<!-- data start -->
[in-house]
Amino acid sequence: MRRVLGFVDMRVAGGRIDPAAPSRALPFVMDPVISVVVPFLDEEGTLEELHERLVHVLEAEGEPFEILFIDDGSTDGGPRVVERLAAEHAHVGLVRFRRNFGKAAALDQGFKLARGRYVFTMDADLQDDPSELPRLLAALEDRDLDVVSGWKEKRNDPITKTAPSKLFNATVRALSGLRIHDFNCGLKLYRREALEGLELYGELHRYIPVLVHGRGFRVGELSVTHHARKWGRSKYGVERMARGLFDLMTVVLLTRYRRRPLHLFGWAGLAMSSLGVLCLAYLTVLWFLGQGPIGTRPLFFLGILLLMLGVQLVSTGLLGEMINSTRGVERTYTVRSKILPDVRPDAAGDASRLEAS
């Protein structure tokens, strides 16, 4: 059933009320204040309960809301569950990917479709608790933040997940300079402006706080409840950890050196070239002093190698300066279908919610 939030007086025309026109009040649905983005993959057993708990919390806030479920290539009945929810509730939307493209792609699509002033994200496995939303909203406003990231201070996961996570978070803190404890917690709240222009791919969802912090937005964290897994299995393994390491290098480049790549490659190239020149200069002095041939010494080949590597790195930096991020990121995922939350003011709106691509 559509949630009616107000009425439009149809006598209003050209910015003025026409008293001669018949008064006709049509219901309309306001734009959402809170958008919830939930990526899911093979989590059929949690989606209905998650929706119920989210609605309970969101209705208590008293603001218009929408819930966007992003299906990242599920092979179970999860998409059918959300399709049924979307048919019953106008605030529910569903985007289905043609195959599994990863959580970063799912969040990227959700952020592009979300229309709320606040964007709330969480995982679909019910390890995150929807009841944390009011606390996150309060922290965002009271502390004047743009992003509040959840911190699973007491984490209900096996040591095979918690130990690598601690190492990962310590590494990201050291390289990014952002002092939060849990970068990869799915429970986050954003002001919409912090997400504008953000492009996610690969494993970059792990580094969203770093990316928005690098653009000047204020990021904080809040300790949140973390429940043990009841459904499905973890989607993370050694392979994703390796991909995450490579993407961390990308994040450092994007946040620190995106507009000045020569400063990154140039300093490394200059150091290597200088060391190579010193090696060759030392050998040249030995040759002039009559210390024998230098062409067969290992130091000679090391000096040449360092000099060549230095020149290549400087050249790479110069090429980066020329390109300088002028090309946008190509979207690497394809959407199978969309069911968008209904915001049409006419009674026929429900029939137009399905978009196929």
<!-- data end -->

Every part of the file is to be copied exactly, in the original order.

[in-house]
Amino acid sequence: MRRVLGFVDMRVAGGRIDPAAPSRALPFVMDPVISVVVPFLDEEGTLEELHERLVHVLEAEGEPFEILFIDDGSTDGGPRVVERLAAEHAHVGLVRFRRNFGKAAALDQGFKLARGRYVFTMDADLQDDPSELPRLLAALEDRDLDVVSGWKEKRNDPITKTAPSKLFNATVRALSGLRIHDFNCGLKLYRREALEGLELYGELHRYIPVLVHGRGFRVGELSVTHHARKWGRSKYGVERMARGLFDLMTVVLLTRYRRRPLHLFGWAGLAMSSLGVLCLAYLTVLWFLGQGPIGTRPLFFLGILLLMLGVQLVSTGLLGEMINSTRGVERTYTVRSKILPDVRPDAAGDASRLEAS
């Protein structure tokens, strides 16, 4: 059933009320204040309960809301569950990917479709608790933040997940300079402006706080409840950890050196070239002093190698300066279908919610 939030007086025309026109009040649905983005993959057993708990919390806030479920290539009945929810509730939307493209792609699509002033994200496995939303909203406003990231201070996961996570978070803190404890917690709240222009791919969802912090937005964290897994299995393994390491290098480049790549490659190239020149200069002095041939010494080949590597790195930096991020990121995922939350003011709106691509 559509949630009616107000009425439009149809006598209003050209910015003025026409008293001669018949008064006709049509219901309309306001734009959402809170958008919830939930990526899911093979989590059929949690989606209905998650929706119920989210609605309970969101209705208590008293603001218009929408819930966007992003299906990242599920092979179970999860998409059918959300399709049924979307048919019953106008605030529910569903985007289905043609195959599994990863959580970063799912969040990227959700952020592009979300229309709320606040964007709330969480995982679909019910390890995150929807009841944390009011606390996150309060922290965002009271502390004047743009992003509040959840911190699973007491984490209900096996040591095979918690130990690598601690190492990962310590590494990201050291390289990014952002002092939060849990970068990869799915429970986050954003002001919409912090997400504008953000492009996610690969494993970059792990580094969203770093990316928005690098653009000047204020990021904080809040300790949140973390429940043990009841459904499905973890989607993370050694392979994703390796991909995450490579993407961390990308994040450092994007946040620190995106507009000045020569400063990154140039300093490394200059150091290597200088060391190579010193090696060759030392050998040249030995040759002039009559210390024998230098062409067969290992130091000679090391000096040449360092000099060549230095020149290549400087050249790479110069090429980066020329390109300088002028090309946008190509979207690497394809959407199978969309069911968008209904915001049409006419009674026929429900029939137009399905978009196929």